The second book is Danar by Matthew MacNown. I came to know this book early in its life when the author's mother retained my legal services to help negotiate the publishing contract. Matthew (whom regrettably I have never met) must be a most remarkable young man; not only because at the age of twenty-two he can already say he's an author, but also because he has autism. I couldn't wait to read the book when it came out. It's a fantasy set in a far off land of dark and light where heroes do battle with wicked villains. But what delighted me most about the book was the fresh perspective Matthew brought to the story. There were inventive names and words throughout and a focus on what was happening in the story unlike any other I'd read in a long while. It was that unpredictable and fresh look at what could have otherwise been a very traditional story that resonated with me.

So the next time you sit down to write, think about how you can introduce the unpredictable and unexpected into your story -- think about your language and dialogue, your characters, your plot. See if you can't play off the predictable to come up with something new. Remember you still have to have believability. You don't want your unpredictable element to simply drop down from the sky. It has to emerge from your setting, plot and/or characters in a way that the reader can understand and accept, but try looking at the world you're writing in a different way and I'm confident you'll come up with something fresh and new.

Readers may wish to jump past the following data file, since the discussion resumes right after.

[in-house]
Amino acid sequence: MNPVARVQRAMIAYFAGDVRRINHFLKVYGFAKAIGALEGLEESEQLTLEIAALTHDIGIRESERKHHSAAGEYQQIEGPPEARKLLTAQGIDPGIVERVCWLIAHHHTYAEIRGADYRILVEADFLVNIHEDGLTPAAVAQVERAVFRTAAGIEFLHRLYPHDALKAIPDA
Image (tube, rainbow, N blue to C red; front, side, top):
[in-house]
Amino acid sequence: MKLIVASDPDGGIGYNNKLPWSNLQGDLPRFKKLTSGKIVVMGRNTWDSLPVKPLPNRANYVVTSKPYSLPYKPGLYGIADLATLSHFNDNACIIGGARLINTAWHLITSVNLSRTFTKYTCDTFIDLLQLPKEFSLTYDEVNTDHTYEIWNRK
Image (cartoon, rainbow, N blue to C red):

Thursday, March 25, 2010

Balancing Dialogue and Exposition

Crafting a good story can be quite the balancing act. It’s never easy to include all the important elements, such as character development, plot, and setting, without accidentally focusing on one of these a little more than the others. And it can be difficult to balance what you convey through exposition with dialogue. Too much of one and not enough of the other can be disastrous.

Unfortunately, something that I have been coming across lately is excessive use of dialogue in place of exposition. I say unfortunately because this tends to give me no other option than to recommend passing on a manuscript.

There is a time and place for everything. Characters need to converse with each other in order to grow as characters. As readers, we need to hear their voices in order to know them better. But dialogue can’t accomplish everything. It is important to recognize when exposition should be used, like when creating a strong sense of place for a story, or even when building up your characters’ interiority.